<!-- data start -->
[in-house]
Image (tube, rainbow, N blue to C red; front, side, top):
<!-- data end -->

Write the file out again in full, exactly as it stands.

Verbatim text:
[in-house]
Image (tube, rainbow, N blue to C red; front, side, top):